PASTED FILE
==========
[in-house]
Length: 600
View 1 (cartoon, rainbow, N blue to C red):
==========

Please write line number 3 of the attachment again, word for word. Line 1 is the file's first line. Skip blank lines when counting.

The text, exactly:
View 1 (cartoon, rainbow, N blue to C red):